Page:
Take the excellent highway out of Teresópolis towards Alem Paraiba. Coming from Rio de Janeiro birders will arrive at a roundabout just before Teresópolis. Left goes to the town of Teresópolis and Serra dos Orgãos NP and straight on the Alem Paraiba highway. At km 7 turn right on a dirt track sign-posted Sumidouro and drive 3 kilometres reaching an obvious loop in the road.
It is also worthwhile to check the marshy area on the left-hand site from the dirt road approximately 1,5 km from the highway. We found here amongst others Ash-throated Crake, Blackish Rail, White-rumped Monjita and Streamer-tailed Tyrant.
Birds seen during our visit:
Cattle Egret, Black Vulture, Turkey Vulture, White-tailed Kite, Savanna Hawk, Roadside Hawk, White-tailed Hawk, Southern Caracara, Yellow-headed Caracara, Ash-throated Crake, Blackish Rail, Red-legged Seriema, Wattled Jacana, Picazuro Pigeon, Pale-vented Pigeon, Ruddy Ground-dove, White-tipped Dove, White-eyed Parakeet, Peach-fronted Parakeet, Blue-winged Parrotlet, Red-bellied Macaw, Squirrel Cuckoo, Smooth-billed Ani, Guira Cuckoo, Striped Cuckoo, Barn Owl, Planalto Hermit, Violet-capped Woodnymph, Sapphire-spangled Emerald, Three-toed Jacamar, Crescent-chested Puffbird, White-barred Piculet, Yellow-eared Woodpecker, Campo Flicker, Rufous Hornero, Yellow-chinned Spinetail, Common Thornbird, Streaked Xenops, Variable Antshrike, Southern Beardless Tyrannulet, Yellow Tyrannulet, Sepia-capped Flycatcher, Mottle-cheeked Tyrannulet, Planalto Tyrannulet, Yellow-lored Tody-Flycatcher, Euler’s Flycatcher, White-rumped Monjita, Masked Water-Tyrant, Streamer-tailed Tyrant, Cattle Tyrant, Short-crested Flycatcher, Great Kiskadee, Boat-billed Flycatcher, Social Flycatcher, Brown-chested Martin, Blue-and-white Swallow, Southern Rough-winged Swallow, Black-capped Donacobius, Rufous-browed Peppershrike, Golden-crowned Warbler, Bananaquit, Chestnut-vented Conebill, Ruby-crowned Tanager, Sayaca Tanager, Purple-throated Euphonia, Burnished-buff Tanager, Blue Dacnis, Blue-black Grassquit, Double-collared seedeater, Rufous-collared Sparrow, Saffron Finch, Golden-winged Cacique, Crested Oropendola.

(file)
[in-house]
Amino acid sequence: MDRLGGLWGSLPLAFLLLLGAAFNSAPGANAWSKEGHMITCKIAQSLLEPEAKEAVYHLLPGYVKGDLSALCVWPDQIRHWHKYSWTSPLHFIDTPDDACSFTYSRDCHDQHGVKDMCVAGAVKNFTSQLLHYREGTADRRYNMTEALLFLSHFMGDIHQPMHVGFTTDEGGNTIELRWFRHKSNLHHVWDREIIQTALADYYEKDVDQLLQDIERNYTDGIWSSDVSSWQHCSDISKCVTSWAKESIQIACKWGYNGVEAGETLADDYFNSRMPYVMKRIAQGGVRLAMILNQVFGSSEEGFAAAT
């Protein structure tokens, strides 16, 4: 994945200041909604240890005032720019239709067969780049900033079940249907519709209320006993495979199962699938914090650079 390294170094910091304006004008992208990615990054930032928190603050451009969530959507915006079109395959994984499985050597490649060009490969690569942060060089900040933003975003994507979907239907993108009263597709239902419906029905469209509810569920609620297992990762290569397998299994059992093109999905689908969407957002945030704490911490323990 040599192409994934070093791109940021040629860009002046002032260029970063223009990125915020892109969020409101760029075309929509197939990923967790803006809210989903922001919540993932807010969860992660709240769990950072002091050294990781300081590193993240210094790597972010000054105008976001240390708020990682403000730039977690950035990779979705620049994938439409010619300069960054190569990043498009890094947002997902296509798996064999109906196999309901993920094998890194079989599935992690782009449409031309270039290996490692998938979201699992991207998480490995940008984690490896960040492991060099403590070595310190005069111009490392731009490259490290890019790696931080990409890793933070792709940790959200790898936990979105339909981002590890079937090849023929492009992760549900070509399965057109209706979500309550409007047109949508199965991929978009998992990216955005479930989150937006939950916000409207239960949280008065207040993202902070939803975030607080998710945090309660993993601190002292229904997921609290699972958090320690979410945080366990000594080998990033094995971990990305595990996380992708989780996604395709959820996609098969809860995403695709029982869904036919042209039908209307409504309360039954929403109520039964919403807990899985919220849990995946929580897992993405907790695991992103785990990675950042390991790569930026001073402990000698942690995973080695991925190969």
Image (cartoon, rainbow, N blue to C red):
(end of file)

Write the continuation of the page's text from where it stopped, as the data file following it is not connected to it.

ITATIAIA NATIONAL PARK